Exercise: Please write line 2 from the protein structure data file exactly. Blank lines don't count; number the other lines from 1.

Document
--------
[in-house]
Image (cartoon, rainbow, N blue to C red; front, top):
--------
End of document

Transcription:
Image (cartoon, rainbow, N blue to C red; front, top):